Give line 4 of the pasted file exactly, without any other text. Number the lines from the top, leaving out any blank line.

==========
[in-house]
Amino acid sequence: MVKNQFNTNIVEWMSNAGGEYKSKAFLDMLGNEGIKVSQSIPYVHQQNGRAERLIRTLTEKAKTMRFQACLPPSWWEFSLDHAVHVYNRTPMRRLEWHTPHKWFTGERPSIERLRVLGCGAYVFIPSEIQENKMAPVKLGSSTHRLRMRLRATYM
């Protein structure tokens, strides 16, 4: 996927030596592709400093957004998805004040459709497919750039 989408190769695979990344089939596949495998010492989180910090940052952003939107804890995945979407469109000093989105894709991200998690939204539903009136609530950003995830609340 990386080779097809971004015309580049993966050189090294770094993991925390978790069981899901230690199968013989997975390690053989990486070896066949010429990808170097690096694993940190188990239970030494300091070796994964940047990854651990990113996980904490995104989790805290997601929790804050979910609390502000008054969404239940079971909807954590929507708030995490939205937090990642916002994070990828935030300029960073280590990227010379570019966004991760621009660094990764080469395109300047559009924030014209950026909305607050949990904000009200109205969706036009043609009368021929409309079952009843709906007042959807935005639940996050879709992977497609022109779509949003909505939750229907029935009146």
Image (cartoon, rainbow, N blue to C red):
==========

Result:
Image (cartoon, rainbow, N blue to C red):